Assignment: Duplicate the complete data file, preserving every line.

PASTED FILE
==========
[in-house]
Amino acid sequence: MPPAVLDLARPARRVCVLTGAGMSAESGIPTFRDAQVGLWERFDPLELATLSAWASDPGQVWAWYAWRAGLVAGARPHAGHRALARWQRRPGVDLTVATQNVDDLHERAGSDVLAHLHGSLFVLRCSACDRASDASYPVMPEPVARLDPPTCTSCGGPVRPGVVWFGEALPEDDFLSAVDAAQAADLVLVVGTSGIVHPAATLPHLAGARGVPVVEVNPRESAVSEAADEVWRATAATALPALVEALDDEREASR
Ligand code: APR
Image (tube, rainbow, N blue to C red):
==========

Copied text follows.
[in-house]
Amino acid sequence: MPPAVLDLARPARRVCVLTGAGMSAESGIPTFRDAQVGLWERFDPLELATLSAWASDPGQVWAWYAWRAGLVAGARPHAGHRALARWQRRPGVDLTVATQNVDDLHERAGSDVLAHLHGSLFVLRCSACDRASDASYPVMPEPVARLDPPTCTSCGGPVRPGVVWFGEALPEDDFLSAVDAAQAADLVLVVGTSGIVHPAATLPHLAGARGVPVVEVNPRESAVSEAADEVWRATAATALPALVEALDDEREASR
Ligand code: APR
Image (tube, rainbow, N blue to C red):